I have been at war with the Republican Party my entire adult life. Not as a liberal, but as a conservative. The obvious conservative things I always wanted the GOP to do — cut spending, shrink government, follow the Constitution — it never did. The things the GOP did instead, which seemed to satisfy many conservatives — unnecessary wars, empowering the executive branch, spying on citizens — were not only reckless and damaging, but a tragic diversion for the American right. I hope that four years removed from suffering through the most big-government Republican administration in history, conservatives have learned some lessons. And anyone who still entertains the notion that the Bush/Cheney Republican model represents any type of conservatism needs to go pay President Obama the right-wing respect he deserves. The only “change” Obama’s given us is even more debt and drone strikes.
Rand Paul is what I want the Republican Party to be. Rand Paul is what I believe the Republican Party is becoming. Over 2 million people voted for Ron Paul for president in this election. That’s double the amount from his 2008 campaign. Ron Paul’s limited government and constitutionalist ideas have not only gained traction, they’ve been injected back into conventional Republican debate. Dr. Paul’s forces have made substantial inroads into the Republican Parties of a dozen-plus states, and the liberty movement the establishment continues to fear, conservatives cheer.
This is not to say that all, or even most, conservatives cheer Ron Paul. It is to say that they cheer for many of his ideas, from auditing the Federal Reserve to $1 trillion in spending cuts. It is also to say that virtually all conservatives cheer his son Rand, who promotes the same ideas as his father, albeit in a different style and manner.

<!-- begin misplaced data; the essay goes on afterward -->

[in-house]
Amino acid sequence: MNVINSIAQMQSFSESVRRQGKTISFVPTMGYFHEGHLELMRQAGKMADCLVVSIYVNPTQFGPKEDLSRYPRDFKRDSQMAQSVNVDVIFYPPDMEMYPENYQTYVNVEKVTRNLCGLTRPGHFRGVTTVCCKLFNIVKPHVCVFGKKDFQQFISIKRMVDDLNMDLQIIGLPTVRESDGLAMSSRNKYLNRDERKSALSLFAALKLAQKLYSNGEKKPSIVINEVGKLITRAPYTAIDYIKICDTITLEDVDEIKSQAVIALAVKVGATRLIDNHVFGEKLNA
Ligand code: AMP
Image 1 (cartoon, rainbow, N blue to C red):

The foreign policy and civil liberties positions some conservatives still find discomfort with in Ron they more readily accept in his son Rand. This is true not only among voters, but also among GOP congressmen and senators, where stances like voting against Obama’s unconstitutional intervention in Libya or opposing the National Defense Authorization Act’s indefinite detention provisions have become conservatives consensuses.
This would have never happened during the Bush years.
And things continue to trend in a more libertarian direction. A hero to the conservative movement’s fiscal and social wings, Senator Jim DeMint said in January: “What I’d like to see is a Republican Party that embraces a lot of these libertarian ideas. The Republican Party needs to start listening to Ron Paul.”
The Republican Party is listening to Ron Paul — and at the Republican National Convention in Tampa in August, the GOP will get an earful from both Dr. Paul and his delegates. In 2008, Ron Paul wasn’t even allowed at the convention. In 2012, Paul’s people will represent much of the convention.
Sen. Paul’s endorsement of presumptive Republican presidential nominee Mitt Romney did not shock me. I believed it was a necessary step forward for his father’s movement. I’ve believed this ever since he became a senator. I wanted the endorsement to be of his father as the nominee. Unfortunately, this didn’t happen.
The reaction by the movement didn’t surprise me either — confusion, shock, disgust. Many Ron Paul supporters don’t consider themselves conservatives, much less Republicans, and simply didn’t see the point in endorsing the nominee and trying to still work within the party. Some never liked Rand and his pragmatism to begin with. Others did, but still saw it as a betrayal. Given the purist character of the Paul movement, this was an entirely reasonable reaction. Some of the criticisms of the endorsement were not reasonable: “Now we know [Libertarian presidential candidate] Gary Johnson will be our next president,” said one angry commenter. “Rand’s betrayal just cost him his Senate seat in Kentucky,” said another.